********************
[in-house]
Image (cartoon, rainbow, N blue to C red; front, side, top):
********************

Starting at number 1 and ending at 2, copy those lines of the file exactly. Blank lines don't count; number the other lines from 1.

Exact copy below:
[in-house]
Image (cartoon, rainbow, N blue to C red; front, side, top):